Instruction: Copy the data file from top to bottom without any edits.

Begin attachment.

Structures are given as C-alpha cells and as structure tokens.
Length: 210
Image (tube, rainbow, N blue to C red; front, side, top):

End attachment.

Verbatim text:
Structures are given as C-alpha cells and as structure tokens.
Length: 210
Image (tube, rainbow, N blue to C red; front, side, top):